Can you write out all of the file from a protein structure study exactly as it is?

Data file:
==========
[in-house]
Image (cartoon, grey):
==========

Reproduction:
[in-house]
Image (cartoon, grey):